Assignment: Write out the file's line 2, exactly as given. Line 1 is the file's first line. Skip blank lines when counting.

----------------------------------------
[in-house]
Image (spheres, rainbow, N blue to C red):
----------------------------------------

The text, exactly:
Image (spheres, rainbow, N blue to C red):